- comment by wickedwords: I do think the 'Porn without Plot' thing came out of Anime, though, along with lemons, limes, and the erotic fruit basket. I think it then surfed it's way into a more common media fan usage through Harry Potter fandom. I think there may be a fan-generation component in this, so learning how long someone had been in media fandom (as opposed to anime fandom or one of the monolithic threshold fandoms like HP) and which definition they gravitated to would be of interest. I do remember us spending some time working to reclaim the term PWP from being the generic for bad erotic writing by fans, but I think that was back in dinosaur days and mailing lists.... According to the documentation that Klangley and I both pulled from Blake's 7 zines, the term seems to have come into vogue in the later 1980s/1990s, well before Potter fandom. Back then, the term meant 'Plot? What Plot?', while 'Porn Without Plot' may have been derived from fans seeing PWP and using context to reason out what it meant.
- comment by vsee: I may be a little old school, but I am *still* nervous at the use of the word porn to describe fanfiction. Because even when it is, you know, smutty and sex filled, it just IS. It is its own thing to my mind, and that is never a word I wanted to claim. Even the most graphic fanfiction isn't porn, IMO.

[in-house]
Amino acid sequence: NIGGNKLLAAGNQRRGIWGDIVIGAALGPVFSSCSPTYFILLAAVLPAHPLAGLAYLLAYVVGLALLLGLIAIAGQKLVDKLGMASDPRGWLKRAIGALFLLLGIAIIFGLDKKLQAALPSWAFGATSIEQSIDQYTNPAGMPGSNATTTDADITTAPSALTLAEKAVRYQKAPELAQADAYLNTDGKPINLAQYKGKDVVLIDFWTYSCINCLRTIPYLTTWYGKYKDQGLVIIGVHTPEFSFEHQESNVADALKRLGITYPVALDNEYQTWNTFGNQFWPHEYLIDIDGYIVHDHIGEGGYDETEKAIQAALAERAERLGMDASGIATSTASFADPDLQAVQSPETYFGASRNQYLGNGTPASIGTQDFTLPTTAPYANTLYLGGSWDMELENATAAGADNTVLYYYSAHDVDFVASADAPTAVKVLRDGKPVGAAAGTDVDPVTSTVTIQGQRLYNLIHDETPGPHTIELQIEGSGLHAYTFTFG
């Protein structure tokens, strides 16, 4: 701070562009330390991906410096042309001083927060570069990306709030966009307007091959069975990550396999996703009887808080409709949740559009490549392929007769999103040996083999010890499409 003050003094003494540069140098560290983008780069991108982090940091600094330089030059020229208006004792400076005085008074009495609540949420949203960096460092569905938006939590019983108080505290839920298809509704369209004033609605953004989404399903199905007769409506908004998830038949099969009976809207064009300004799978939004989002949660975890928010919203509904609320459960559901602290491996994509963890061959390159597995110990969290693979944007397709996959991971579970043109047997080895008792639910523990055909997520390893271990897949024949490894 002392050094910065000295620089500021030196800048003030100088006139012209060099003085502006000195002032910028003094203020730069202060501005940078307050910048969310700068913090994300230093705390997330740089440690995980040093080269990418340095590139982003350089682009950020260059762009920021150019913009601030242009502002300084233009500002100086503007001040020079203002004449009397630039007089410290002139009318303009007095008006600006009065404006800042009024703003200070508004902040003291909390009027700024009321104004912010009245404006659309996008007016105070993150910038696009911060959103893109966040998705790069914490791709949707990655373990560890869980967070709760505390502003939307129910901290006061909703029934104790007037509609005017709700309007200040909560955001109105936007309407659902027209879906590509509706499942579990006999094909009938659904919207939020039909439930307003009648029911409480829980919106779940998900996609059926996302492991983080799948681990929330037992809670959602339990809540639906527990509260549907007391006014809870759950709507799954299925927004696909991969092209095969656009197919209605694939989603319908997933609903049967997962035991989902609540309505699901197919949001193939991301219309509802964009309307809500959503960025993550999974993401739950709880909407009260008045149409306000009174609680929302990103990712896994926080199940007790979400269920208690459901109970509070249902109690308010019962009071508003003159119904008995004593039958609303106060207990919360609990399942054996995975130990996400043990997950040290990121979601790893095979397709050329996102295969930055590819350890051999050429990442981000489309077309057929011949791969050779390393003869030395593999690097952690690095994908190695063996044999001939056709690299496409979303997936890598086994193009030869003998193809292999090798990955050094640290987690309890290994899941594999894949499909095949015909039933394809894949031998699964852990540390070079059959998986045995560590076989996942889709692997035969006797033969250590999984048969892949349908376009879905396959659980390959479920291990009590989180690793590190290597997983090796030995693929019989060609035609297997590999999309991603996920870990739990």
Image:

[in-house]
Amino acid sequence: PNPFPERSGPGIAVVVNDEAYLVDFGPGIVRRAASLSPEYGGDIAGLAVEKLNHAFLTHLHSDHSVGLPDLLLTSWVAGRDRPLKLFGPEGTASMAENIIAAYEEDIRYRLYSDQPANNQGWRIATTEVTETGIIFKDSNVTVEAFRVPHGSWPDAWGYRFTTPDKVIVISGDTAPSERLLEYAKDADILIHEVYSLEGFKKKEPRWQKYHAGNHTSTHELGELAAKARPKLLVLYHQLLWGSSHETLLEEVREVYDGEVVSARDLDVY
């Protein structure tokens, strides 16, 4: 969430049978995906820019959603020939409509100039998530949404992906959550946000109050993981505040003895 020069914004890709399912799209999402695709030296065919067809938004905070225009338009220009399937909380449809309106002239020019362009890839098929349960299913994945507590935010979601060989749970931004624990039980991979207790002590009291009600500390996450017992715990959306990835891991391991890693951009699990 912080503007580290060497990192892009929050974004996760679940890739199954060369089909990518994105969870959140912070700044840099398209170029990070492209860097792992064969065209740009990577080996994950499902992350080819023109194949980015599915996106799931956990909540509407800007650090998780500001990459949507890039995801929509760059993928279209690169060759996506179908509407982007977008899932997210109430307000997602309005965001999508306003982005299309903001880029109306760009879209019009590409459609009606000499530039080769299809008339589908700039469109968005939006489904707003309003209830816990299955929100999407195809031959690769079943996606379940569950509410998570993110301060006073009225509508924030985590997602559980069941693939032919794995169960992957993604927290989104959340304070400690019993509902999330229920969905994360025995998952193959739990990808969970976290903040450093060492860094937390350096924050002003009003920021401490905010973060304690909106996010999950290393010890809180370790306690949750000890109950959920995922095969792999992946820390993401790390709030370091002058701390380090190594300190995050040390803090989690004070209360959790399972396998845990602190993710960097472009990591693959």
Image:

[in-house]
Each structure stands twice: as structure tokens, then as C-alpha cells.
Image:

- comment by cybel: I'm old school myself and must agree with you. I've never liked describing fanfic/art as porn. The word just has too many bad connotations for me. What I read is slash, mostly, and porn means something entirely different to me.
- comment by irishamber: I read it as Porn without plot and take it to mean one big honking gratuitous sex scene with lots of shocking tab a, slot b, c or d in great detail without any regard for character development, character arc or character motivation. Basically a bunch of body parts, substitute any imaginary character of you choice. straight porn. no story (or any story that is there is so ridiculous as to deserve great eye-rolling). This has been learned by experience as during my first year on-line, that's what I got when I clicked. When things are labeled PWP, I usually just skip them. I love hot sex scenes, but for me a sex scene isn't hot w/o character development, motivation and arc (and written by a decent writer).